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Iranian press review: Reformist leader appears in public after ten years of house arrest

Meanwhile, Tehran expands ties with Yerevan amid tensions with Azerbaijan, and economic crisis said to be linked to domestic factors rather than only US sanctions
Mehdi Karroubi (R) speaks with an unidentified cleric at Tehran University in the Iranian capital on 17 July 2009 (AFP/file photo)
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Tehran

Reformist leaders make rare public appearance 

Two prominent political leaders from the reformist block in Iran were permitted to attend religious ceremonies last week and delivered short speeches to small crowds for the first time in the past decade.

In a rare development, Mohammad Khatami, Iran's former president (1997-2005), and Mehdi Karroubi, former parliament speaker, spoke to the public during two separate religious ceremonies on the day that marked the anniversary of the death of the eighth Shia Imam.

'The principle of the [Islamic] system should be preserved, but its errors must be corrected'

- Mehdi Karroubi

Karroubi had been under house arrest since 2011 for his involvement in the 2009 Green Movement, and Khatami had been banned from making public appearances, attending political meetings and leaving the country due to supporting the movement.

Last week, in a religious service, Karroubi gave a nine-minute speech in the house of Tehran's former mayor Gholam Hossein Karbaschi. In his short talk, he did not make any direct political remarks, however, he stressed: "the principle of the [Islamic] system should be preserved, but its errors must be corrected."

Likewise, Khatami did not address political issues in his speech. However, he briefly mentioned the concept of justice in the Islamic governing system.

Despite the apolitical topics of speeches given by the two reformist leaders, some outlets interpreted the move as an opening in Iran's political space.

"It seems that a process has started, and the political space has relatively opened for reformists," the Etemad daily wrote.

Iran and Armenia boost ties

Armenian Foreign Minister Ararat Mirzoyan visited Tehran on Sunday and signed agreements to increase bilateral economic relations with Tehran amid rising tensions between Iran and Azerbaijan, local media reported.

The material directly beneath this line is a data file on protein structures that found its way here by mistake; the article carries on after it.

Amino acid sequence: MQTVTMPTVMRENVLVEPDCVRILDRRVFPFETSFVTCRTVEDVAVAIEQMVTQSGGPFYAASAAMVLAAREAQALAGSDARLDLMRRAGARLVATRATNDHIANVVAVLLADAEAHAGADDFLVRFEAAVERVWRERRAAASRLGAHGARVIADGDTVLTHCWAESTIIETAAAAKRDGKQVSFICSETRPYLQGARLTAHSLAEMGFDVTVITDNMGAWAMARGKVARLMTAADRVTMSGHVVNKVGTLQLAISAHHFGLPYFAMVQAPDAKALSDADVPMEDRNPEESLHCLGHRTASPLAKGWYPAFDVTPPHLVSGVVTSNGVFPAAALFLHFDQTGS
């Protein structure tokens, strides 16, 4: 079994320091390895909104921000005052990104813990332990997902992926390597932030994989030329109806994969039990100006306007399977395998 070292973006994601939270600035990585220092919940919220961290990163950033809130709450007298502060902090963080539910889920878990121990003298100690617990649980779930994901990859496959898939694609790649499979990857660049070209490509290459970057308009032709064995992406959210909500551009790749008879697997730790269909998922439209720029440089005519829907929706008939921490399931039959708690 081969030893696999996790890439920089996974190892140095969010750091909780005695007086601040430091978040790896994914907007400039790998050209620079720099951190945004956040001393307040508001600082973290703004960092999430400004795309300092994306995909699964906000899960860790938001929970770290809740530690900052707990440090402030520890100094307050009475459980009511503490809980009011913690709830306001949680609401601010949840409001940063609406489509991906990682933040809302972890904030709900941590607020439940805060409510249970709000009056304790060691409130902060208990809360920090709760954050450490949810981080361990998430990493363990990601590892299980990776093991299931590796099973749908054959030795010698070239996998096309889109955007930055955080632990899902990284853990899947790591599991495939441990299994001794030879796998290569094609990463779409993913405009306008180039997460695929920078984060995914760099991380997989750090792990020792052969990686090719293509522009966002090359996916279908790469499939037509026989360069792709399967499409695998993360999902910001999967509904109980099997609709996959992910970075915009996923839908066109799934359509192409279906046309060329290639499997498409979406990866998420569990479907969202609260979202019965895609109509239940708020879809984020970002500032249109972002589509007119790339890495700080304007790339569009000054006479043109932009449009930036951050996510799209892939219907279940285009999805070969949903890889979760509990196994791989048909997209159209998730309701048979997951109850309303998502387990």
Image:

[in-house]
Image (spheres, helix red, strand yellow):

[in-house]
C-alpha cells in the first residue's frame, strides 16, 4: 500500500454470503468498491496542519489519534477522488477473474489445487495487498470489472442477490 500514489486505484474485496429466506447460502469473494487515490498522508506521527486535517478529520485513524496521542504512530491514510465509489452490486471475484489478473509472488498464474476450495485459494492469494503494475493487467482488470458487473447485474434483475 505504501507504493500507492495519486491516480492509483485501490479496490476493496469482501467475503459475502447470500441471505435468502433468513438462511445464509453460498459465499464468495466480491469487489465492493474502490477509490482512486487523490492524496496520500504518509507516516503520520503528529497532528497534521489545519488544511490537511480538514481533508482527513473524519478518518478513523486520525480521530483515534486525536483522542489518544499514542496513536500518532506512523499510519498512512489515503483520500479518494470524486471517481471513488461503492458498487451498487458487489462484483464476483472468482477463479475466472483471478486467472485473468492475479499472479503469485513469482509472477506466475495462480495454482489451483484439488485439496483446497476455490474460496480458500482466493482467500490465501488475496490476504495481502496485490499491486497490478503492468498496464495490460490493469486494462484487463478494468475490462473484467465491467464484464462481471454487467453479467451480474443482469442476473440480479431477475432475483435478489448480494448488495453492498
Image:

During his two-day visit, Mirzoyan assured officials in Tehran that his country would stand with Iran in regional disputes, a reference to Azerbaijan with whom Armenia fought a war in late 2020, ceding control of much of the disputed region, Nagorno-Karabakh.

Mirzoyan's visit came days after Iran carried out a giant drill at its northern border with Azerbaijan.

Moreover, Armenian Prime Minister Nikol Pashinyan sent reassuring signals to its southern neighbour in an attempt to expand ties with Tehran.

Iran-Azerbaijan: What is behind the recent tensions?
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"Iran is our ally," he was quoted as saying by Iran's official news agency IRNA. "I'm sure our Iranian friends know that Armenia had never taken part in any conspiracy against Iran and would never do that [in the future]."

Pashinyan's remarks seem to indirectly mention Iran's anger about Azerbaijan and Israel's military and security relations. 

Meanwhile, Iran's Deputy Minister of Roads and Urban Development Kheirollah Khademi visited Armenia to begin reconstructing a destroyed road connecting Iran to Armenia.

Following the 2020 Nagorno-Karabakh war, Armenia lost control over 21 kilometres of a main road between the two countries. In recent months, Azerbaijan imposed restrictions on Iranian truck drivers’ access to this road.

According to the IRNA news agency, the reconstruction of the old road would be completed in a month. After the completion, Iran would assist Armenia to construct a highway between the two countries, IRNA reported.

Economic crisis not just caused by US sanctions

An official study carried out by Iran's Chamber of Commerce, Industries, Mines and Agriculture (ICCIMA) revealed a number of domestic issues that, along with the US sanctions, have troubled Iran's economy in the past decade.

According to the report, politicians' indifference about economic issues, lack of financial knowledge among high-ranking officials, diversity in decision making, and dependency on oil export income were the leading causes that deepened Iran's economic crisis in the last decade.

In analysing these four factors, Mohammad Ghasemi, director of ICCIMA research centre, stressed that Iranian policymakers do not pay attention to solutions and recommendations offered by economists to exit the country's financial crisis.

"Academic viewpoints are not acquired to handle economic issues," he was quoted as saying.

"Unfortunately, some [officials] still think the economy is simply equal to inaugurating an ostrich farm, or a home appliances factory, or at best a petrochemical factory," he added.

Following the 2018 unilateral US withdrawal from the 2015 nuclear deal and imposition of sanctions on all aspects of Iran's economy, the country has experienced one of its worst economic crises of the past 40 years.

*Iranian press review is a digest of news reports not independently verified as accurate by Middle East Eye.